One hundred years ago a candy shop and ice cream store opened on the Long Beach Peninsula. The original owner, Wellington Marsh Sr., couldn’t have imagined it would eventually become one of the Northwest’s most bizarre roadside attractions.
Over the years, the shop morphed into Marsh’s Free Museum, a family-owned business that plays by its own rules.
The store has an off-the-wall collection of curiosities like shrunken heads, an eight-legged lamb and vintage peep shows. The museum-antique arcade-gift shop hybrid even won the title of “Weirdest Roadside Attraction in Washington,” in 2020 by travel website Thrillist.
At the center of it all is perhaps the most well-known name in Long Beach, Jake the Alligator Man. The grotesque creature takes the form of a mummified mashup of a man’s head with an alligator body. He’s been on display in a glass case at Marsh’s since the 1960s, but reached international fame when his picture ran in a tabloid in 1993.
“My mom would always refer to Jake the Alligator as my famous uncle,” laughed the museum’s co-owner Shannon Ahern.
Ahern and her cousin, Amanda Marsh, took over the business as fourth-generation owners a couple of years ago, but the milestone of the family business reaching 100 years is bittersweet.
Their grandmother, and the store’s former owner, Marian Marsh, died in March 2020. The pair have planned a celebration this weekend to honor her and the rest of the family members who made the business successful.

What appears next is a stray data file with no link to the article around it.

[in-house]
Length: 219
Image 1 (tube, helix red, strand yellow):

“We lost her right before covid started so we couldn’t do a funeral or memorial,” Ahern said. “No one could group together, so this is kind of for her and all of our past family members.”
Marian married into the Marsh family and began running the business with her husband, Wellington Marsh Jr., in 1965. It was her eyes that honed in on the grotesque and mysterious Jake the Alligator Man artifact while out searching antique stores for unique attractions that would bring customers into Marsh’s Free Museum. The couple purchased what would become the star of their oddities attraction for $750.
Ahern said she’s spotted bumperstickers with the picture of her “famous uncle” everywhere.
“I went to travel with my parents in Europe and we would even see them there,” Ahern said.
But behind the freak show branding lingers tender love and sentimental memories for the woman who was the cornerstone of the family business.
“She basically worked here until her 80s, even in her later 80s she would just come down and count coins,” Ahern said.
Since taking over, the duo have made some minor changes to the business, like adding more merchandise geared for children and removing some pieces to help customers move through the overflowing shop. As the business gets older, they face some challenges in aging gracefully.
“It’s really hard to find people to work on 100-year old machines,” she said. “We have tons of down machines because of it. We want it done correctly, not just with tape and super glue.”
Taking on a new business just before the onset of the pandemic was a challenge, but Ahern said sales are up, and the cousins are excited about the potential for the future.
“We are both very sentimental people, we grew up in here,” Ahren said. “Keeping the tradition is a big thing. We like hearing people laugh and kids scream when their parents introduce them to Jake.”
The celebration will be held Friday through Sunday and will include family-friendly events and live entertainment. To see a full list of events, visit marshsfreemuseum.com/.